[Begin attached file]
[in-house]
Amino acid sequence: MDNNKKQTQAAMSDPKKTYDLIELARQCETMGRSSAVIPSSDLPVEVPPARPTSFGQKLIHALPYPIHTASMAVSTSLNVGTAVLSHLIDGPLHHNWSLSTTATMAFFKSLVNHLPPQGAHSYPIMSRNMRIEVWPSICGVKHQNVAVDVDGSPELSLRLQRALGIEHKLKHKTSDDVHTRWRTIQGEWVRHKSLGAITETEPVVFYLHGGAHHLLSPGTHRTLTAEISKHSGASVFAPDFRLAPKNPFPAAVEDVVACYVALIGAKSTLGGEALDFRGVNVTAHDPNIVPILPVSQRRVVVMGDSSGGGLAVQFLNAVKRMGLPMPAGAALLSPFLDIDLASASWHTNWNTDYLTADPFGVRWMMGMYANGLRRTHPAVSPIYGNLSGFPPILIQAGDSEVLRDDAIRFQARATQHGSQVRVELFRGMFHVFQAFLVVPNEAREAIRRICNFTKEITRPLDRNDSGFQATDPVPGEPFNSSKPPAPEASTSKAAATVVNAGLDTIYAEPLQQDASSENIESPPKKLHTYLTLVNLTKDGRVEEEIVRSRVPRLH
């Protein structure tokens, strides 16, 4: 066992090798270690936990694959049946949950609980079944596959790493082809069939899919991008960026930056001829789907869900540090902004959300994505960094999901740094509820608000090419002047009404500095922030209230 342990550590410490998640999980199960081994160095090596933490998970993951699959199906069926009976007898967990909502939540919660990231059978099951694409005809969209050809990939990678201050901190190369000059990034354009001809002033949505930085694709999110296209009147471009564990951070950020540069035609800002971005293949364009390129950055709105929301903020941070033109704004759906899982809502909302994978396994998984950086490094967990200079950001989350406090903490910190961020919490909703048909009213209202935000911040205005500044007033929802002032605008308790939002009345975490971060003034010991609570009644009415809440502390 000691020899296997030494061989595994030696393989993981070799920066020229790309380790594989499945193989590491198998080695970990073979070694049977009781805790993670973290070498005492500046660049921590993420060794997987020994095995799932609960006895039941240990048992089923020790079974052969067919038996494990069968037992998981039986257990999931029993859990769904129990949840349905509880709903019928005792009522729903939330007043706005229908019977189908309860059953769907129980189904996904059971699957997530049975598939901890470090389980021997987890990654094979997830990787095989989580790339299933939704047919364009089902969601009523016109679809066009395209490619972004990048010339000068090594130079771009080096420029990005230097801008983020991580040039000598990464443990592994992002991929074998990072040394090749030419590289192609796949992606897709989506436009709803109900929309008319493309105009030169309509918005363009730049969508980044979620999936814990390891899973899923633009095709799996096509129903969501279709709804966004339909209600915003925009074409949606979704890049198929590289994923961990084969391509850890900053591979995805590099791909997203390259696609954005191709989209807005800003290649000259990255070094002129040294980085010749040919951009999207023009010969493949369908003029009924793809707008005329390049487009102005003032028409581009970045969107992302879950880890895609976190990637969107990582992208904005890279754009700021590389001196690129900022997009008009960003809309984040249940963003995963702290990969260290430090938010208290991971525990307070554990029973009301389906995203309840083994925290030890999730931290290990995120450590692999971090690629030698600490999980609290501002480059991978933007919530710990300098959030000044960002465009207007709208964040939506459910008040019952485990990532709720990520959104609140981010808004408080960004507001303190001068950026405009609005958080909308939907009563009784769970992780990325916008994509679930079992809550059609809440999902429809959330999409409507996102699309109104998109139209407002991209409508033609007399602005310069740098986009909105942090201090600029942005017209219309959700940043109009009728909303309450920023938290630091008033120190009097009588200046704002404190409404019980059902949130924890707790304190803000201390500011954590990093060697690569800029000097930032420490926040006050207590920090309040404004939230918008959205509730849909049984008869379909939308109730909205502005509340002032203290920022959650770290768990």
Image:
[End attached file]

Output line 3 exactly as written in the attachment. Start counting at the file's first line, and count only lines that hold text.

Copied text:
């Protein structure tokens, strides 16, 4: 066992090798270690936990694959049946949950609980079944596959790493082809069939899919991008960026930056001829789907869900540090902004959300994505960094999901740094509820608000090419002047009404500095922030209230 342990550590410490998640999980199960081994160095090596933490998970993951699959199906069926009976007898967990909502939540919660990231059978099951694409005809969209050809990939990678201050901190190369000059990034354009001809002033949505930085694709999110296209009147471009564990951070950020540069035609800002971005293949364009390129950055709105929301903020941070033109704004759906899982809502909302994978396994998984950086490094967990200079950001989350406090903490910190961020919490909703048909009213209202935000911040205005500044007033929802002032605008308790939002009345975490971060003034010991609570009644009415809440502390 000691020899296997030494061989595994030696393989993981070799920066020229790309380790594989499945193989590491198998080695970990073979070694049977009781805790993670973290070498005492500046660049921590993420060794997987020994095995799932609960006895039941240990048992089923020790079974052969067919038996494990069968037992998981039986257990999931029993859990769904129990949840349905509880709903019928005792009522729903939330007043706005229908019977189908309860059953769907129980189904996904059971699957997530049975598939901890470090389980021997987890990654094979997830990787095989989580790339299933939704047919364009089902969601009523016109679809066009395209490619972004990048010339000068090594130079771009080096420029990005230097801008983020991580040039000598990464443990592994992002991929074998990072040394090749030419590289192609796949992606897709989506436009709803109900929309008319493309105009030169309509918005363009730049969508980044979620999936814990390891899973899923633009095709799996096509129903969501279709709804966004339909209600915003925009074409949606979704890049198929590289994923961990084969391509850890900053591979995805590099791909997203390259696609954005191709989209807005800003290649000259990255070094002129040294980085010749040919951009999207023009010969493949369908003029009924793809707008005329390049487009102005003032028409581009970045969107992302879950880890895609976190990637969107990582992208904005890279754009700021590389001196690129900022997009008009960003809309984040249940963003995963702290990969260290430090938010208290991971525990307070554990029973009301389906995203309840083994925290030890999730931290290990995120450590692999971090690629030698600490999980609290501002480059991978933007919530710990300098959030000044960002465009207007709208964040939506459910008040019952485990990532709720990520959104609140981010808004408080960004507001303190001068950026405009609005958080909308939907009563009784769970992780990325916008994509679930079992809550059609809440999902429809959330999409409507996102699309109104998109139209407002991209409508033609007399602005310069740098986009909105942090201090600029942005017209219309959700940043109009009728909303309450920023938290630091008033120190009097009588200046704002404190409404019980059902949130924890707790304190803000201390500011954590990093060697690569800029000097930032420490926040006050207590920090309040404004939230918008959205509730849909049984008869379909939308109730909205502005509340002032203290920022959650770290768990």